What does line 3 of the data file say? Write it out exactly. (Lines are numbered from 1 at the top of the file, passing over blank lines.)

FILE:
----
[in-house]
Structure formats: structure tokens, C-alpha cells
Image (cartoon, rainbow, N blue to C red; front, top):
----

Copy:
Image (cartoon, rainbow, N blue to C red; front, top):